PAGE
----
Heath Bell is the clear closer in Miami now that Leo Nunez’s true identity has been discovered as Juan Carlos Oviedo. Nunez, or Oviedo, is currently on the restricted list from MLB, thus giving Bell the clear access to the closer position. Over the past three years, Bell’s 132 have been as consistent as a warm San Diego day. Bell is moving from one of the best pitcher’s parks in the Majors to another pitchers’ park in Miami. He will have another 40+ save season for the new look Marlins.
Jose Reyes: Mets –> Marlins Fantasy Value: Neutral to Up
A 6 year, $106 million contract lured Reyes to Miami. Reyes is coming off of a great 2011 season in which he put up some big numbers, despite missing 36 games. He will be moving to the leadoff spot with a revived Hanley Ramirez in the 3 hole and Mike Stanton hitting cleanup. If your league counts runs scored, Reyes value is up.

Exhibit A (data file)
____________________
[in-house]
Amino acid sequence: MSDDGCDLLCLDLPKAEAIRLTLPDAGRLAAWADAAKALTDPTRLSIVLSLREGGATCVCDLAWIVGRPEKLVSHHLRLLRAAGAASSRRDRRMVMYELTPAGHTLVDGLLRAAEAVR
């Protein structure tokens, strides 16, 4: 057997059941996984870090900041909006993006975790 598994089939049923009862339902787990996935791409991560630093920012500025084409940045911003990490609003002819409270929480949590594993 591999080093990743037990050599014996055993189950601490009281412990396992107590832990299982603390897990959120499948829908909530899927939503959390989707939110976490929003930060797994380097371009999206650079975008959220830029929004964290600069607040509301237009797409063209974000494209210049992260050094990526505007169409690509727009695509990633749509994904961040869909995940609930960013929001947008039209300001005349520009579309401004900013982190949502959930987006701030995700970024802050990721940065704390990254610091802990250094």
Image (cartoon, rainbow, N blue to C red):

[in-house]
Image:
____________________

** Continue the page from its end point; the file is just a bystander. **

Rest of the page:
Huston Street: Rockies –> Padres Fantasy Value: Up
Anytime an already good pitcher can move from Coors Field to Petco Park, you have to think that his value is going up, way up. Coors Field was #1 in runs scored in 2011 and Petco Park was # 28. Pitchers’ ERA’s at Coors was 4.89 and at Petco it was 2.91. As for Street, he was 5.59/1.41 at Coors and 2.51/1.02 on the road. I have a feelign Street is happy to be in San Diego.
Mark Buehrle: White Sox –> Marlins Fantasy Value: Up
Mark Buehrle has pitched a perfect game and a no hitter in his career. He’s also started an all-star game. That being said, he’s never had an ERA below 3.00 in his 12 seasons with the White Sox. Buehrle has all the makings of improved stats in 2012. First of all, he moves from the park that is easiest in the league to hit a homerun, US Cellular Field, to the new Marlins Ballpark. Second, he moves to the National League where ERA’s are always improved. Third, his history shows a lifetime 3.32 ERA in inter-league play and a 24-6 record against the NL. That compares to 3.89 and 137-113 against AL opponents. In the past 7 seasons, Buehrle is 16-2 and 2.29 against the National League in 25 starts.
Josh Willingham: A’s –> Twins Fantasy Value: Down